I wanted to hear more, but Dr. and Mrs. Hirschowitz had to catch a flight to Birmingham, Ala., where, for the past 50 years — until 2009 — he had been the director of the Division of Gastroenterology/Hepatology at University of Alabama at Birmingham. In 2008, The Birmingham News noted that “so distinguished is his career, his résumé fills 82 pages.”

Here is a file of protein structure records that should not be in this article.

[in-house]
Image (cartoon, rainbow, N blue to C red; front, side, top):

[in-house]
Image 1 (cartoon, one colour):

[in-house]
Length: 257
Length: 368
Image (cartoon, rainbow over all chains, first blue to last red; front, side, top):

The National Physician of the Year Awards is the brainchild of John Castle and John Connolly, respectively chairman and president/CEO of Castle Connolly Medical, Ltd., and publishers of “America’s Top Doctors.” This year’s award recipients were Larry Norton, deputy physician-in-chief for breast cancer programs at Memorial Sloan-Kettering; Ching-Hon Pui, chair of the Department of Oncology at St. Jude Children’s Research Hospital in Memphis, Tenn.; Leonard Apt, who is a professor emeritus of ophthalmology at the University of California, Los Angeles, , director emeritus and founder of UCLA’S Division of Pediatric Ophthalmology and Strabismus and co-director of the University’s Center for Child Blindness, and John Buse, director of the Diabetes Care Center and chief of the Division of Endocrinology at the University of North Carolina at Chapel Hill’s School of Medicine. Castle presented National Health Leadership Awards to the son and daughter of Christopher Reeve and Gae Exton, (Reeve’s girlfriend prior to his marriage to Dana Morosini ), Alexandra Reeve Givens and Matthew Reeve, who are active members of the board of directors of the Christopher & Dana Reeve Foundation.